In 1777, Georg Christoph Lichtenberg, a German physicist, captured static electricity in glass. Static electricity is an electric charge which builds on the surface of matter, and cannot disperse unless it flows into the ground or is discharged. The most identifiable example of static electricity in nature is lightning. By attempting to capture static electricity in an insulated block of such materials as acrylic or glass (or any non-conducting plate), Lichtenberg could examine the radials of electrical discharge.
These radials branch out, shaping into tree or fern-like patterns, which form due to spark discharges at the boundary of the plate and the gas. The length of the radials vary based on exposure to air and density of materials used. The indentations can then be sprinkled with dust, lead or sulphur, which yield a highly amped color, seen through the clear plate.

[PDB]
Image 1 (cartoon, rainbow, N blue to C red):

Lichtenberg figures are very similar to electrical treeing – a process which resembles the former, but is not the result of a carefully contrived experiment. Electrical treeing is a warning sign when a material is stressed by highly charged electric fields over a sustained period.
Mechanical defects and impurities often exacerbate the stress, frequently leading to the decomposition or breakdown of the insulating material. Most commonly, electrical trees will appear in high voltage technology shortly before its failure. By examining the patterns and radials formed by the electrical trees, an investigator can determine the source and complexity of the failure.
Lichtenberg figures are not so ominous in commercial use. Many companies intentionally create Lichtenberg figures to serve as aesthetic statues, amplifying the bright colours of the radials and manipulating the insulator into various shapes like stars or spheres.